But as to your query:"Be daring, be different, be impractical, be anything that will assert integrity of purpose and imaginative vision against the play-it-safers, the creatures of the commonplace, the slaves of the ordinary." Cecil Beaton

Why not aim high? Why not go for the gold and attempt a summit?
I recently told an employee of mine, one who attempted to nay-say my dream, that life demands a daring spirit, something I doubt he possesses. While I am not glorifying the fact I do drive an M5 and he something more economical.

I have received some very insightful comments thus far, I would appreciate your input as well. You as an individual DO have something constructive to offer the team.

Motivation comes from never saying never,
Mel


This is friendly honest advice, not sarcasm:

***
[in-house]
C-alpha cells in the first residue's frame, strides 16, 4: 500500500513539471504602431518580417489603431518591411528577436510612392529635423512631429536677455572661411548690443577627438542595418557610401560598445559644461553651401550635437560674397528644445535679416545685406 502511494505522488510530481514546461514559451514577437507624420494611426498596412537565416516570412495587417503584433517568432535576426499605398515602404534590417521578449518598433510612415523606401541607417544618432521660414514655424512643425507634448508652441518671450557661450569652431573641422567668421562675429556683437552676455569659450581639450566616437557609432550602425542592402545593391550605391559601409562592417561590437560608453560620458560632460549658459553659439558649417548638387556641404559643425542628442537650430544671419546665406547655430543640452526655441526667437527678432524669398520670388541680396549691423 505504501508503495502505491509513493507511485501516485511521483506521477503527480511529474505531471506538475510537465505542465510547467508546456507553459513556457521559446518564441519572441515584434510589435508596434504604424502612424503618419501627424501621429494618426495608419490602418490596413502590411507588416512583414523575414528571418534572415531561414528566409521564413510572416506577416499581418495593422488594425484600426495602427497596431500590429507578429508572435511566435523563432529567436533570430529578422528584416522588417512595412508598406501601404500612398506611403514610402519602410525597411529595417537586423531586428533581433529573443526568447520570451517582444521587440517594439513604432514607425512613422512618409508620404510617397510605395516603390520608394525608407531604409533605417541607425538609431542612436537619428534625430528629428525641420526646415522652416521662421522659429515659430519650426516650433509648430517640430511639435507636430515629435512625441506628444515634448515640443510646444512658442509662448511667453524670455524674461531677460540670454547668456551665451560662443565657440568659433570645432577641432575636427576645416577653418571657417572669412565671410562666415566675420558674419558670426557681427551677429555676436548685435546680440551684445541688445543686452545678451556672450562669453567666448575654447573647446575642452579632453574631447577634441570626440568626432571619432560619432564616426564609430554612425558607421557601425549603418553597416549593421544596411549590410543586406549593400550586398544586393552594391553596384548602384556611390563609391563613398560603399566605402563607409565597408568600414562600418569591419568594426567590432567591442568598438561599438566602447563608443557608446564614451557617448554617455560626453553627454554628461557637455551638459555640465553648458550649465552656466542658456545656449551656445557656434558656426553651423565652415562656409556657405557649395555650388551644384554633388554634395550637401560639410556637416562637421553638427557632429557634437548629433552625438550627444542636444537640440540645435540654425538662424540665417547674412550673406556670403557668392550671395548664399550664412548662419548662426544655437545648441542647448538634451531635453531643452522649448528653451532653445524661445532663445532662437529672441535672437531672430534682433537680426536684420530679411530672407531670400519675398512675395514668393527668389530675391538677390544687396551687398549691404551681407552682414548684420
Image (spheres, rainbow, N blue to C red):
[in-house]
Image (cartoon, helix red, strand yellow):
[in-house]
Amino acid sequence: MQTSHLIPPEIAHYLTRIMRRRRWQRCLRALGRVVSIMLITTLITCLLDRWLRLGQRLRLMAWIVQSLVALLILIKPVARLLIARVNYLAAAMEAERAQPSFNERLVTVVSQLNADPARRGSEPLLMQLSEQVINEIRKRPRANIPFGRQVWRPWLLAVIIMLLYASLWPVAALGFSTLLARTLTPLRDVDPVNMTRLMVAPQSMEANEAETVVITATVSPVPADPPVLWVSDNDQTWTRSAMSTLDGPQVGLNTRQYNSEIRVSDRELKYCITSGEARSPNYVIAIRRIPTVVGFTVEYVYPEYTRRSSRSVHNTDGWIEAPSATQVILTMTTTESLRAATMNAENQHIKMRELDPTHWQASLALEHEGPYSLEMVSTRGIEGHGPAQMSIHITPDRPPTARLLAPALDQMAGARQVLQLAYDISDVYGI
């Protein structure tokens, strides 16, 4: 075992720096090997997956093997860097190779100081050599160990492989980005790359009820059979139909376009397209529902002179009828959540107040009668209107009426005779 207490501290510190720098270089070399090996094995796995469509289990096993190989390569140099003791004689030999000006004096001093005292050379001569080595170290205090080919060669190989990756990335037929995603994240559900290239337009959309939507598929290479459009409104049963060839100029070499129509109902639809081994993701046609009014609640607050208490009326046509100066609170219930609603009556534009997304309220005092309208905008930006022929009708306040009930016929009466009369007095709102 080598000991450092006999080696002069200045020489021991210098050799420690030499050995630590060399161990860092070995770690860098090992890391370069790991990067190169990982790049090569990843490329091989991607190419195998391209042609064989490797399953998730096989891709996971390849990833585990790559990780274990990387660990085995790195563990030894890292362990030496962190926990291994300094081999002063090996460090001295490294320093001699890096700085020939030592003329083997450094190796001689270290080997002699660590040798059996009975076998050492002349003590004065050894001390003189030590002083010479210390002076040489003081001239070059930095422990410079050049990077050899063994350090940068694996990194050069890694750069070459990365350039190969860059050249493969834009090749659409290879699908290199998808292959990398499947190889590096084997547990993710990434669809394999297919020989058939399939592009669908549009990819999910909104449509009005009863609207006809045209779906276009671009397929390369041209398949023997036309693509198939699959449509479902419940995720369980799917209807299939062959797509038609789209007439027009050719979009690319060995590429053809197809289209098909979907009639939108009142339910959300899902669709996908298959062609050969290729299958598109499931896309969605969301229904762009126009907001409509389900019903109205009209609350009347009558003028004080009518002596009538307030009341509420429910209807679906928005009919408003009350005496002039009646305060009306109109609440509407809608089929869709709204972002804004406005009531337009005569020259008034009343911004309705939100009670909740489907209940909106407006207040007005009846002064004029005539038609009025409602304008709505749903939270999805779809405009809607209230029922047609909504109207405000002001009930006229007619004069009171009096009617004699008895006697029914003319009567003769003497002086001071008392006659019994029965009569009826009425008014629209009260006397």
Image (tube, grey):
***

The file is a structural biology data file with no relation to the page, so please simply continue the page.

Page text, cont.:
Abandon your idea of climbing Everest now, and at least for the next few years. Wait until you have some exceptional experience first.

This upcoming winter take a winter mountaineering course on Mount Rainier. This will give you some very realistic ideas of what the truly big monsters can be like. Without proper experience, you are asking for very serious trouble on Everest. I don't think you have the first idea how brutal the high mountains can be in bad weather/conditions.

Then, start climbing your tail off. Climb every glaciated peak in North America that you can: Denali, the Cascades, the peaks in BC and the Yukon, the volcanoes in Mexico. Graduate to Aconcagua in South America. Go to Europe, everywhere. Learn about varied terrain, ropecraft, wilderness survival, crevasse rescue, orienteering, weather, etc.

If money is no obstacle, then you should be able to pull all this off, and still be ready for Everest in 2012, for example. It'll still be there.

If you are being honest then I hope that someday you pull off the biggie, but right now, you are asking for trouble and likely putting yourself and others in danger with your hubris and feelings of entitlement.

Scott